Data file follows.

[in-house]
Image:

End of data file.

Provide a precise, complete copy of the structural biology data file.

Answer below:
[in-house]
Image: